Five chances to reset the terms of your book contract (part 2)
In Part 1 of this article, we wrote about the imbalance in negotiating leverage between an author and his/her publisher early in the author’s publishing career. And we noted that there would be opportunities later for an author to retake some of the ground lost in those early negotiations. In particular, we wrote about two of these opportunities:
1) Your publisher calls for work to begin on a new edition and sends an amendment to your contract to memorialize this . . . with a few additional “updates”.
2) Your publisher says that it is replacing older contracts with a new form that reflects changes in its business practices dictated by changing markets.
We left three more opportunities for discussion in this Part 2:
3) You’re ready to scale back your participation and begin the transition to a new co-author.
4) You’ve completed an audit of your royalty account and are in the process of negotiating settlement of your underpayment claims.
5) Your termination right under US copyright law matures.
Here is a review of those additional opportunities.
You’re ready to begin scaling back your writing
Your publisher has an interest in effecting an orderly succession of the authorship of your work from you to someone younger, who can carry on after you step down. Much of the goodwill in the market, especially in higher ed, is connected to the name author rather than the publisher. So, the publisher has an interest in introducing a new author to the market while you are still involved.
But the publisher cannot force a co-author on you as long as you are ready, willing, and able to continue to revise your work. As you get older and closer to retirement, the publisher will get nervous about its ability to make a smooth transition of market recognition from your name to the name of a new co-author. Agreeing to cooperate in a transition has value to your publisher that you might use to improve certain terms in your contract, particularly those concerning the number of editions (or years, now that digital revisions may happen more frequently) over which your step down will take place and the rate at which that will happen.
Settlement of an audit
Royalties in publishing are notoriously inaccurate, and this is especially so in higher ed. Should you take advantage of an audit clause in your contract or otherwise convince your publisher to voluntarily cooperate in an audit of your royalty account, it is likely that you will find some underpayment. Some of those findings will be incontrovertible. But others of them are likely to involve disputes over the proper interpretation and application of royalty provisions in the publishing contract. These are not simple counting or calculation errors and so are ripe for compromise.
One of the things you might compromise on, apart from the settlement payment, are clearer royalty calculation terms going forward. But watch out for re-grant language in the settlement agreement . . . or an offer to terminate the existing contract and replace it with a “new” publishing agreement. Agreeing to either of these terms would push back your opportunity to take advantage of the final event that presents an opportunity for renegotiation.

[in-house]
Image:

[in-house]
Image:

Termination rights mature
US copyright law went through a fundamental overhaul in 1978. Prior to that, we had a two-term system of copyright protection – there was an initial term of 28 years, followed by an optional second 28-year term. The thinking was that creators might transfer away their first-term rights at a time when they did not fully appreciate the market value of their work, but they would have a second chance when it came time to dispose of the second-term rights. In practice, however, the buyers of these rights were obliging the sellers by contract to transfer rights to both terms at the inception of the deal.
The 1978 overhaul changed all of this. We went to a one-term system of protection and extended that term from 28 years + 28 years to the life of the author plus 50 (now 70) years. Coupled with this new one-term system was the establishment of a nonwaivable statutory right in the author to terminate any grant of rights during a 5-year window that opens 35 years after the grant for grants made in 1978 or later (or 56 years after the copyright was secured for pre-1978 works). These are called, respectively, Section 203 Termination Rights and Section 304 Termination Rights.
If you are the author of a work that first published in the middle 1980’s or, alternatively, in the middle 1960’s, you may have an opportunity to claw back rights that you granted all those years ago simply by serving on your publisher a notice of your intent to do so. Doing this would have the effect of freezing the publisher’s ability to continue to keep your work current and marketable after the effective date of termination and so avoiding this outcome has great value for the publisher of any work that has survived and thrived for this length of time. How you go about this is a complicated matter and so you will need legal assistance, but taking advantage of this legislatively granted right under US Copyright law will give you maximum leverage in negotiating new and more favorable terms with your publisher – a welcome, if unfamiliar, place to be.
Steve Gillen worked for nearly 20 years in publishing prior to entering private practice in the middle 1990’s. He is presently Of Counsel at Wood Herron & Evans (a 150+ year-old Cincinnati law firm focused on intellectual property) where he concentrates his practice on publishing, media, and copyright matters. His most recent book is Guide to Rights Clearance & Permissions.
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